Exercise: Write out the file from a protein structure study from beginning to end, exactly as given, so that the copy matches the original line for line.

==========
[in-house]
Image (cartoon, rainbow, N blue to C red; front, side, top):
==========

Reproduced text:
[in-house]
Image (cartoon, rainbow, N blue to C red; front, side, top):